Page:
Updated: Jul 3, 2019
In the last update, I shared lesson #3, which was all about getting started, in this series of key learnings based on my experience writing my first nonfiction book. Today’s post is lesson #4.
Have you ever found yourself in the middle of a work day, having to just take a break, having to get away from your computer or having to take a walk in between meetings [not just running from one meeting to the next!], in order to clear your head? I found this to be true when writing.
Give yourself space & walk away
Give yourself space
With all the discipline in the world, a great outline and plan, I had to account for times that I needed to step away for a short period. This could be a quick 15 minute walk away, an hours break or just allocating one day a week to do anything but writing.
Making space allowed to take a step back, get out of the weeds, and see things from a fresh perspective.
Walk away from your final draft
Talk about making space and taking time away, one question you should consider once you have your final draft, is ‘should you walk away and take a break from your final draft before sending it to an editor’?
The answer depends on your circumstances, your style, your timeline and so on. In my case, I knew that I would not have a fully completed draft manuscript before leaving Thailand; it was close to 75% complete.
As I tucked my manuscript away in my luggage to finish up my world travels, I left it in a state of where I had some outstanding questions and topics I needed to decide whether to include or not. I also needed to finalize one of my last chapters, conclusions and refine what I had already written.
Given prior commitments and the task of relocating back to the US, I knew once I left Thailand I wouldn’t touch my manuscript for at least two to three months. As plans don’t always go to plan, the reality was more like seven months before I picked up where I left off.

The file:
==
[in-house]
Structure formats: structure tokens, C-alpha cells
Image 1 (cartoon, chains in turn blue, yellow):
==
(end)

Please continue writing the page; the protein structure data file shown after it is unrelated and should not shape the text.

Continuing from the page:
Some of the benefits of walking away from my manuscript were:
I came back with fresh eyes and perspective.
I could see I accomplished more than I thought I had.
It was instantly clear to me whether to include or exclude specific topics I was previously considering.
I condensed information and was better able to ask and see, ‘how is this particular information adding value?’ or ‘is this particular information necessary?’
I easily reworked a chapter which I wasn’t previously happy with; specifically, the way it flowed and the way the information was presented.
Overall, I felt I was better able to complete and tie everything together. It’s as if the pieces of the puzzle fit perfectly without question.
The decision to consider if taking a short break from your manuscript is beneficial, is up to your circumstances, style and approach. I personally would account for a short break or breathing space [not seven months!] for my next book.
Remember to be gentle to yourself; give yourself space, and walk away from your writing process.
I would love to hear about your writing experiences. If you’re new to writing nonfiction, what questions do you have?
In the meantime, stay tuned for lesson #5. Happy writing and happy journeys,
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